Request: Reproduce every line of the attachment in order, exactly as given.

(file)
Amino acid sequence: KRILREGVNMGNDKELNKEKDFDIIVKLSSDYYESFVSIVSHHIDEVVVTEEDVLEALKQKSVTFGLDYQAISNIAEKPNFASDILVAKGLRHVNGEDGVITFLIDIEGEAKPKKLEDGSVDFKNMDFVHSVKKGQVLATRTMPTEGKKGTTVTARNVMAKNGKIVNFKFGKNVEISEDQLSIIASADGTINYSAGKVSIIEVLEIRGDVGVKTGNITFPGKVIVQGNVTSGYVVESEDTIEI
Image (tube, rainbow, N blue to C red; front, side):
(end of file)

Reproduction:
Amino acid sequence: KRILREGVNMGNDKELNKEKDFDIIVKLSSDYYESFVSIVSHHIDEVVVTEEDVLEALKQKSVTFGLDYQAISNIAEKPNFASDILVAKGLRHVNGEDGVITFLIDIEGEAKPKKLEDGSVDFKNMDFVHSVKKGQVLATRTMPTEGKKGTTVTARNVMAKNGKIVNFKFGKNVEISEDQLSIIASADGTINYSAGKVSIIEVLEIRGDVGVKTGNITFPGKVIVQGNVTSGYVVESEDTIEI
Image (tube, rainbow, N blue to C red; front, side):